Given how successful I felt last Monday’s workout was, I found myself really looking forward to today’s “Plan A” strength training routine at the gym. It did not disappoint.
I was in and out of sleep between about 2 and 3:30 a.m and finally got up at a quarter to four. Started the coffee, then let my brain slowly wake up.
My son and I got to the gym about a minute after it opened and I headed straight for my preferred weight bench. Here’s what happened next. As always, I rested ~60-90 seconds between sets.
Barbell Hack Squat 5×5
8x 135lbs/61.23kg (warm up)
Barbell Bench Press 5×5
10x 115lbs/52.16kg (warm up)
Barbell Bent Over Rows 5×5
8x 115lbs/52.16kg (warm up)
Overhead Cable Triceps Ext w/Rope 3×8
12x 60lbs/27.21kg (warm up)
Pull Ups 3×5-8 (bodyweight)
Just like the Plan B workout, I changed the order of the exercises around so I could alternate between those that hit the lower body vs. those that worked the upper body. That means I always start with hack squats, then do some sort of press, and then go to rows or deadlifts.
No surprises with the hack squats. The weight is the same as Monday and I focused on my form and making sure for each rep that my thighs were completely parallel to the floor. By the end of hack squats, I’d generated the predicted flood of sweat and really needed those 90 seconds of rest between sets.
I was a little worried about the bench presses, since this would be the first time I’d do all five sets at 145lbs. It was a stretch and particularly for the last few reps of the last set, I had to reach a little deeper down for my internal “Incredible Hulk” to push the barbell all the way to the top of the lift.
I had some of the same concerns for bent over rows. Last Friday, because of my back, I switched from the barbell to a dumbbell, and today, I was not only back using the barbell, but I’d increased the weight ten pounds for all working sets.
After the first set, my son, who was watching me, suggested I keep my head up during the rows rather than looking at the floor, in order to make sure I wasn’t bending my back. I realized that I’d never watched myself do rows in the mirror before. It made a difference happily enough.
Since discovering my mistake about the cable triceps extension, that it’s a 3×8 and not a 5×8 routine, after my warm up set, I increased the weight to 85lbs figuring that I just had to do 8 reps for only 3 sets.
My workout was cruising along fabulously until the pull ups. I’m still stuck in the same pattern of 4, 3, and 3. The only way I can adjust the weight on this is by losing body weight (which I actually have as I’ll explain in a minute).
Before I started writing today’s blog post, I found something on twitter from Men’s Health called The Ridiculously Easy Way to Improve Your Pullup and Overhead Press.
Since pull ups and overhead presses are definitely my weaker exercises, I was intrigued. You can read the article for yourself and watch the brief video, but basically it’s just a matter of “hanging around” … literally.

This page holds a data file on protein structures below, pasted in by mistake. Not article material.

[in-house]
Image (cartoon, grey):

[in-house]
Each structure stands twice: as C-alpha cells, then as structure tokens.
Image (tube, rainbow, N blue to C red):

It doesn’t take much time so maybe I should incorporate it at the end of each workout to see if it helps.
Now about that weight.
I’ve been keeping track of my weight and my calorie intake using MyFitnessPal.com since February 28th. On that date, I officially weighed 207.7 lbs. This morning I weighed 193.8 lbs. I cannot remember the last time I was this light (well, light for me). I weighed 200lbs seven years ago when my son got married and my weight bounced up quite a bit after that.
I know I was pretty happy a few months back when I discovered I could fit into my 34 inch waist jeans and shorts, but those are a “relaxed fit” cut. I’ve been keeping one pair of jeans in my closet for ages that is a 34 inch waist but hardly “relaxed fit”.
I’ve been able to put them on successfully for weeks, but always with a “muffin top” effect that’s pretty unpleasant to look at. Today, I could put them on for the first time without the nasty “muffin top” and I’m wearing them right now.
Granted, they’re still a tad snug, but not embarrassingly so.
As Sir Arthur Helps wrote in 1868, “Nothing succeeds like success.” In other words, achieving success inspires continued effort to achieve more of the same.
This is the pay off and the motivator for returning to the gym and working even harder. This stuff really works. We can win the battle of the bulge. If I can do it, you can do it.
I’ve set 185 lbs as the target I want to reach, at least initially. That seems like a good weight for someone who is just shy of 6’3″ tall. I’ll reassess my build and strength at that point and see what adjustments I deem necessary going forward.
After my son and I got home from the gym this morning, my wife called me a “machine.” I think even she’s impressed.
Motivation is what gets you started. Habit is what keeps you going.